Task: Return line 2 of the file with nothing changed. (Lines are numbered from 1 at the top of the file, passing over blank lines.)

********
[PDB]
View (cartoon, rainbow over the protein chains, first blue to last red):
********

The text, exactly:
View (cartoon, rainbow over the protein chains, first blue to last red):